A Theory-Based Approach to Hedonic Price Regressions with Time-Varying Unobserved Product Attributes: The Price of Pollution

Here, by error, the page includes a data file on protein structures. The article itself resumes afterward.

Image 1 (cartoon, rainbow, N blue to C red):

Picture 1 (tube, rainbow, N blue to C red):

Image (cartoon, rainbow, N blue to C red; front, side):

We propose a new strategy for a pervasive problem in the hedonics literature—recovering hedonic prices in the presence of time-varying correlated unobservables. Our approach relies on an assumption about homebuyer rationality, under which prior sales prices can be used to control for time-varying unobservable attributes of the house or neighborhood. Using housing transactions data from California’s Bay Area between 1990 and 2006, we apply our estimator to recover marginal willingness to pay for reductions in three of the EPA’s “criteria” air pollutants. Our findings suggest that ignoring bias from time-varying correlated unobservables considerably understates the benefits of a pollution reduction policy.
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